Ratchet and Clank tells the story of two unlikely heroes as they struggle to stop a vile alien named Chairman Drek from destroying every planet in the Solana Galaxy. When the two stumble upon a dangerous weapon capable of destroying entire planets, they must join forces with a team of colorful heroes called The Galactic Rangers in order to save the galaxy. Along the way they'll learn about heroism, friendship, and the importance of discovering one's own identity.
A popular PlayStation-era game is the frivolous foundation for the kiddie sci-fi action-oriented animation adventure **‘Ratchet & Clank’** that makes it a playful stamp on the big screen. This kid-friendly space saga, armed with its beloved reputation in the world of gamer groupies, could be deemed as the junior-sized ‘Star Wars’ for the minor sect. Why would the mini movie-goers not find this big screen adaptation an appealing space-aged actioner worth its weight in innocuous, escapist gold? After all, what is not to like about the roguish and heroic feline-looking creature Ratchet (otherwise known as a ‘lombax’) with the Buck Rogers attire as well as the cute clanking companion in the green-eyed, robotic Clank (channeling the impish and lovable R2D2 from that certain George Lucas-directed worldwide cinematic sensation from yesteryear?). Our galactic good guys look to save the universe and the avid youngish video game fanatics will eat this fun-loving fantasy up with moon dust soup. Unfortunately, **‘Ratchet & Clank’** musters up a tepid by-the-numbers frenzy that will predictably hold the munchkins’ imaginative attention. As for others, the hyper hairball and his trusty tin can tag-along get lost in the shuffle of this somewhat serviceable but sluggish cartoon pie-in-the-sky popcorn pleaser for the little ones at large. Directors Kevin Monroe’s and Jerrica Cleland’s spotty spunk captures the loose lunacy and spirited sauciness on occasion where even the movie’s poster promises to ‘kick some asteroid’. It is too bad that the breezily bland storytelling cannot overcome its conventional confines as one may get a more stimulating kick engaging in the actual video game than viewing this kinetic crater kiddie showcase without much distinction or creative plucking pop. Basically, **‘Ratchet & Clank’** is safe and generic but never grabs the challenging aspects behind its one-note presentation in good versus evil–something that may in fact be a clichéd overload even for those tykes out there begging for these amiable planetary protectors to bring something fresh outside of its gaming inspiration. The youthful mechanic Ratchet (voiced by James Arnold Taylor who also provided the voicing duties in the video game) is a dreamer with heroic plans to join the prestigious glory-seeking Galactic Rangers. Specifically, the Galactic Rangers are known for their courageous crime-fighting activities on Ratchet’s home planet. Ratchet’s lofty ambition to hook up with the Galactic Rangers is somewhat alarming to his boss and mentor Grimroth (John Goodman) who is not too thrilled with his employee’s/protege’s questionable expectations. The Galactic Rangers are currently recruiting for skilled members to collaborate with them and expand the elite unit. For the star-eyed Ratchet this is a golden opportunity to become a starry-eyed superhero reaching for acceptance and self-importance. In the meanwhile, a treacherous tyrant known as Chairman Drek (Paul Giamatti) is the galaxy’s menacing madman and one of the main reasons why the Galactic Rangers are nursing the thoughts of growing their interstellar roster of crime-stoppers. Drek is out of control as he has been destroying planets left and right. Naturally, the dastardly Drek needs to be stopped in his hideous mission to castrate and conquer. Drek’s calculating cronies include his second-in-command robot Victor (Sylvester Stallone) and ominous scientific aide Dr. Nefarious (Armin Shimerman from TV’s “Star Trek Deep Space Nine”). They are instrumental in creating killer robots whose sole purpose is out to eradicate the celebrated do-gooder Galactic Rangers. Of course this begs the question: does Ratchet really know what he is getting into regarding his heralded aspirations to become a Galactic Ranger? It would take a pint-sized turncoat from Drek’s robotic renegades in the form of defective and rejected Clank (voiced by David Kaye) to escape the mechanical baddies and whisper the devious goings-on to the noble Galactic Rangers. The initial meeting of Ratchet and the British-sounding Clank is incidental but when they thwart the sneak attack initiated by Drek’s tin-plated terrorists the pair are invited into the applauded team’s inner circle courtesy of the tandem’s rescuing efforts. Galactic Ranger head honcho Captain Quark (Jim Ward) has his doubts about the eager talented twosome but the other members embrace Ratchet and Clank with open arms. Still, the common goal is to eliminate Drek and his horrible henchmen Dr. Nefarious and Victor from orchestrating the ruination of their jeopardized universe. Although showing some spunk and off-balance wittiness, **Ratchet & Clank** feels notoriously recycled as it obviously borrows from other animated fodder while tapping into the all-too-familiar Star Wars mantra that features a young adventurer from a distant planet thriving to save the galaxy from sinister forces. There are colorful action sequences and gun-toting shenanigans that will entertain the impish kiddies as they engage in the elaborate space battles. Both leading lads Ratchet and especially the merry-minded, metal-plated Clank will come off as an adorable yet oddball duo to behold. The villainy of Drek and his devious drones will probably spark the giddiness in the wide-eyed youngsters. The common sense behind Ratchet & Clank is to arm the movie’s presentation with the feel and feisty-oriented flavor of its video game blueprint. If that is the case then why bother serving up a family fantasy on the big screen if it cannot separate occasionally from its vintage gamer blueprint? Curiously, the fast-paced hit-and-miss jokes and the spry-looking makeup of this kid-approved cosmic caper is a passable revelation for a movie representing a fourteen-year old video game from yesteryear. Also, the notable names behind the characterizations in **Ratchet & Clank** seem to give some measure of breezy joy to their on-screen roles. Celebrity voices instilled in the fired-up female warriors consist of the likes of Rosario Dawson’s Alaris and Bella Thorne’s Cora which evoke the recent reminiscences of Star Wars: The Force Awakens’ Daisy Ridley’s heroine Rey. Consequently, all these factors mentioned in the rousing yet rudimentary Ratchet & Clank boils down to just another basic and tiresome “good-against-evil” gimmick for the chorus of the kid-watching crowd. It is a given that **Ratchet & Clank** will be a spell-binding spectacle to the young viewers but for the rest of us let’s hope that a nostalgic rerun of Josie and the Pussycats in Outer Space will suffice for our adequate needs blocking out the fire-power crafty cat and his diminutive autotron sidekick. **Ratchet & Clank (2016)** Focus Features 1 hr. 34 mins. Starring (the voices of): James Arnold Taylor, David Kaye, John Goodman, Sylvester Stallone, Paul Giamatti, Rosario Dawson, Bella Thorne, Jim Ward, Armin Shimerman, Vincent Tong Directed by: Kevin Munroe and Jerrica Cleland MPAA Rating: PG Genre: Sci-Fi/Space Fantasy/Action & Adventure/Kids & Family/Animation Critic’s rating: ** stars (out of 4 stars) **(c) Frank Ochieng**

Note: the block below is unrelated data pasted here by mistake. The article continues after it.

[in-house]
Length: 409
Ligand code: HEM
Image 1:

**Space warriors, mad scientist, chosen one and saving the planet.** I might have heard the name, but seems nothing familiar. So it is very much like my first encounter with these game characters. And this is really a good first film, I enjoyed, but did not like, because I'm not the target audience. I know, many grown-ups liked it, but they had reasons like they have known this for some time. One thing that fascinated me was the production quality. I can't believe, it was not those silly B class animation, it was very much comparable to Disney, Pixar and DreamWorks films. The only thing that did not favour it was the story. If they have got that part right, it would have been one of the best animations of the years. So the truth is I tempted to rate it higher for the quality of animation alone. The directors, and all artists must be praised for that. If I were a kid, it would have been my favourite. So what I'm saying it, this film will be loved by children. There's not child film critic, otherwise this film would have been appreciated better. The problem is the critics did not like it, and so the adults, but families with kids might have chance to enjoy it. Some of the big names in the voice-over artist list, but that did not help the film to see its success. There's no innovation in it, everything you see in the film was already exploited in other films. All those the space warriors thing, the chosen one, villain, mad scientist, betrayal, you have seen them from 'Star wars' to 'Guardian of the Galaxy'. That is another reason for not having a good time with it. It is still very much a watchable film. _5/10_